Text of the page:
NHL.com is providing in-depth analysis for each of its 31 teams throughout August. Today, three important questions facing the Los Angeles Kings.
[Kings 31 IN 31: Season preview | Top prospects | Fantasy breakdown | Behind the Numbers]
1. Can they score more?
The Los Angeles Kings scored the second-fewest goals in the NHL (199); only the Anaheim Ducks scored fewer (196). Anze Kopitar and Dustin Brown led Los Angeles with 22 goals each, second fewest among NHL team leaders ahead of Brad Richardson and Alex Galchenyuk of the Arizona Coyotes (19). The power play ranked 27th (15.8 percent), and the Kings averaged 28.8 shots per game, tied with the New York Islanders for the second-fewest in the NHL, ahead of the Ducks (27.7).
The Kings need their top players to step up, including Ilya Kovalchuk, who scored 16 goals in his first season in Los Angeles, and Tyler Toffoli, whose shooting percentage of 5.8 percent was the worst among NHL forwards with at least 175 shots on goal.
"I think the players we have right now are still good enough to score more goals like they did in the past," Kings assistant Marco Sturm said. "From talking to [coach Todd McLellan], he will definitely take more time in practice on the power play, so I can see us moving forward scoring more goals, especially on special teams."
Video: 31 in 31: Los Angeles Kings 2019-20 season preview
2. Can they turn it around defensively?
Usually the Kings' strength, they struggled in their own end last season, finishing 22nd in the NHL at 3.16 goals-against per game, their worst average since 2007-08 (3.21), and 29th on the penalty kill at 76.5 percent, their worst since 1989-90 (75.9 percent).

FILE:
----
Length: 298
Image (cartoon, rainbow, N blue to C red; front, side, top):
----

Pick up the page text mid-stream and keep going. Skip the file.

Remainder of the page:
The Kings have veteran defensemen Drew Doughty, Derek Forbort and Alec Martinez, but after buying out Dion Phaneuf and trading Oscar Fantenberg (Calgary Flames) and Jake Muzzin (Toronto Maple Leafs) last season, Los Angeles will need young defensemen such as Sean Walker, 24, and Matt Roy, 24, to hasten their development.
"The start was not the way we wanted (last season)," Sturm said. "And if that happens, like Forbort said, guys grip a little bit harder, guys get frustrated and all of a sudden during the season … things kind of snowballed a little bit.
"This was kind of a new situation for our team and our players, and that's why I really believe the upcoming season guys will be more prepared and we'll have no excuses."
3. Can Jonathan Quick stay healthy?
Quick had his worst full NHL season -- 3.38 goals-against average, .888 save percentage -- but questions heading into the season have more to do with his health than his play. The 33-year-old missed an extended period of time last season because of surgery on a torn meniscus, two years removed from when he played 17 games because of a nonsurgical procedure for a lower-body injury. That injury occurred in the same area as a strained groin that kept him out for almost two months in 2013-14.
Although Quick might not be a goalie who can start 60-plus games in a season anymore, the Kings don't need him to be. Jack Campbell (2.30 GAA, .928 save percentage last season) proved he is more than capable as the backup, so if Quick can stay healthy, with a lightened workload, he could return to his form from 2017-18, when the Kings won the William M. Jennings Trophy, awarded to the goalie(s) on the team with the fewest goals allowed during the regular season.
"He can do it, for sure," forward Alex Iafallo said. "We trust in him and he trusts in us, and if we all do our job, it makes everything easier. He's an unbelievable goalie."
Video: Top 10 saves of 2018-19: Quick